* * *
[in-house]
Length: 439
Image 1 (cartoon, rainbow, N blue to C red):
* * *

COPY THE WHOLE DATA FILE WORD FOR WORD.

[in-house]
Length: 439
Image 1 (cartoon, rainbow, N blue to C red):